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Redbelt. Written and Directed by David Mamet. With Chiwetel Ejiofor, Emily Mortimer, Alice Braga, Tim Allen, Jose Pablo Cantillo, Ricky Jay, Joe Mantegna, Max Martini, Rebecca Pidgeon. 99 min. Video release 2009.

That playwright David Mamet self-identified as a reformed conservative just after the release of Redbelt, his tenth film as a director, should come as no surprise. Mamet's television program, The Unit, is undergirded by strict values. Mixed Martial Arts, the culture Mamet explores in Redbelt, promotes patriotism with militarist fervor. MMA sells a new masculinity. According to L. Jon Wertheim, author of Blood in the Cage, an exploration of the Mixed Martial Arts phenomenon, after September 11th and the start of the Iraq war, attitudes toward tough, aggressive American men improved (Only a Game Interview). As a result, the second President Bush played a tough-guy, Jack Bauer cleaned things up in twenty-four hours, and MMA found a popular audience. Redbelt strives for toughness, but the film's protagonist, Mike Terry (Chiwetel Ejiofor), embodies an ancient purity that countervails the showy machismo found in media stunts, television shows, and MMA cages.

it is no secret that Mamet loathes those who work against committed individuals, especially artists with real vision, people like, well, David Mamet. In Redbelt, a corrupt business culture is represented by unsavory Mixed Martial Arts fight promoters and a duplicitous Hollywood actor and his entourage. According to the film, MMA bouts are controlled by individuals who lack honor and who know nothing about the sport's traditions, history, or beauty. Mamet made a similar argument in Bambi vs. Godzilla (2007), his how-to-book about filmmaking and screenwriting. In that book, Mamet blamed producers for the sorry condition of America's film business. His longtime collaborators Ricky Jay and Joe Mantegna portray sleazy producers in Redbelt. Hoping to toughen himself up, Tim Allen plays Chet Frank, a spineless movie star. In contrast, Mike Terry is a jujitsu master who runs a small martial arts academy on the south side of Los Angeles. Terry believes in what he does, and therefore his business suffers. Money does not drive him. People come to him to train, and he restores his clients' belief in themselves. Terry never displays his own formidable martial arts skills. Mamet establishes Terry as a modern representative of the samurai ideal--honor grounds his existence. Recognizing Terry as a simulacrum for Mamet is not difficult.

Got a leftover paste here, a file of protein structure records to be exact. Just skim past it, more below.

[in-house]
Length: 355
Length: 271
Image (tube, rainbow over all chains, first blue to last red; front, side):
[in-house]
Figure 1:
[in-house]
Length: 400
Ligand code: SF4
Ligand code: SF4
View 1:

While working with his prize pupil, Joe Collins (Max Martini), an LA cop, Terry emphasizes the need to maintain respect, even within the threatening street culture Collins faces daily. Terry reminds him, "There's always a way out. You just have to find it." Snowflake (Jose Pablo Cantillo), one of Terry's employees, believes Collins deserves black-belt status. 'Ferry knows Collins possesses the technical skills, but he is not sure if the cop places thought before circumstance. Laura Black (Emily Mortimer), a lawyer wildly out of place on the south side of LA, where she has landed in search of a late-night pharmacy, enters the academy because she scraped a truck parked on the street outside. When Collins tries to help her, she mistakes his actions, grabs his revolver, and shoots out the front window of the academy, a signifier indicating the corruption about to flow in. Terry cannot afford replace the window. His wife Sondra (Alice Braga), who runs her own successful business, sends him to her brother for a loan. She is angry with her husband because he refuses to use his skills in mixed martial arts competitions. For Terry, discipline and skill are not marketplace commodities.

Then, the standard Mamet double-cross kicks in, and the film begins to lose all credibility. At his brother-in-law's bar, Terry defends Chet Frank. Frank gives Terry a lavish gift and seems to be the answer to the master's financial problems. Nothing in Mamet's creations is as it seems, and Terry is forced into a major MMA competition.

Redbelt is a sports film that talks. Mamet's passion for Brazilian jujitsu is as strong as his passion for poker once was. Mamet, a high-school wrestler and boxer, intellectualizes martial arts. Fie thinks about the sport like a writer, and therefore Terry's spiritual quest outweighs his physical performance. MMA fans will recognize figures from their world: Ultimate Fighting Championship legend Randy Couture, Dan Inosanto, Gene LeBell, Rico Chiapparelli, Enson Inoue, Frank Trigg, and John Machado. Redbelt concludes with the inescapable climatic bout, but Mamet changes this sport-film cliche enough to generate interest, until he turns to slow-motion images. Still, Redbelt's plot cannot withstand close scrutiny. Chiwetel Ejiofor's Mike Terry is an intriguing figure, one tern in iscent of Jim Jarmusch's Ghost Dog, a character that fully realizes the anachronistic condition of a samurai trapped by modernity. larmusch's Ghost Dog is cinematic poetry, and it avoids theatrical machinations to make its points, edbelt suffers from too much testosterone.

Jack Ryan

Gettysburg College
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Author:Ryan, Jack
Publication:Aethlon: The Journal of Sport Literature
Article Type:Video recording review
Date:Mar 22, 2009
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